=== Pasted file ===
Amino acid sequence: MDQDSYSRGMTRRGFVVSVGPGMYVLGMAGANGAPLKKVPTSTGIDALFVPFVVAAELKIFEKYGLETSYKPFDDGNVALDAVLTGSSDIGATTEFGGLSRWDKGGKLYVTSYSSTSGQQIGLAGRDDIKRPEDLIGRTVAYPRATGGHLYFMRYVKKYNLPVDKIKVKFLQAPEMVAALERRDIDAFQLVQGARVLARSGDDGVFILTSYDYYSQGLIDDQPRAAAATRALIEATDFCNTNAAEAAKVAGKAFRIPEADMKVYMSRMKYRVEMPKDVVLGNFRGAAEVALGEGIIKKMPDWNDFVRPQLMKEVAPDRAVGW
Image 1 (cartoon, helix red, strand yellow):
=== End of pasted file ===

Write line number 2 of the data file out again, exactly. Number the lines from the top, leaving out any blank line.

Image 1 (cartoon, helix red, strand yellow):